Sometimes during these late days of summer, we choose not to pay much attention to the news. School is starting, and everyone’s moving around Labor Day. But we need to pay attention.
The Boston Globe reported on August 27 that the Trump Administration had abruptly changed a longstanding policy of granting medical deferral requests to immigrant families whose children were receiving treatment in U.S. hospitals to remain in the country legally. Instead, families received letters from the U.S. Citizenship and Immigration Services (USCIS) that such requests from undocumented immigrants would no longer protect them from deportation while receiving treatment in the U.S. The letters warned that deportations would begin within 33 days; some families receiving letters found they were already partway through this period. You can read the letter families received on the WBUR website.
As grievous as this policy would be for adults dealing with life-threatening illnesses, it’s perhaps even more extreme in the case of children. As reported in Commonwealth Magazine, there are many children currently receiving treatment for cystic fibrosis, cancer and other serious illnesses at Boston Children’s Hospital and other medical facilities around the country whose families have been informed that they need to leave – and to leave treatments that are not available for their children in their home countries.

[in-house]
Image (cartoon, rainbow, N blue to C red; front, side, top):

News organizations reported on August 30 that many elected officials, medical professionals and advocates for immigrant rights have called for oversight and commenced lawsuits to block this reversal of policy.
As faculty dedicated to promoting research about and practice with children, youth and families that focuses on health, inclusivity and equity, we are strongly committed to our support of families seeking critical care for their children. The health and well-being of children – allchildren – is key not only to our mission at Eliot-Pearson, but, we believe, for the health and well-being of our collective futures. We members of the EP faculty believe the “deferred action” policy should be revisited, and we join with the elected officials, medical providers and advocates who have called for review and oversight.
While the Trump Administration has partially reversed course and agreed to “complete the caseload that was pending” when they abruptly ended the policy in August, we believe the administration must find a permanent solution that is equitable and that enables children to get the care they desperately need, regardless of their country of origin.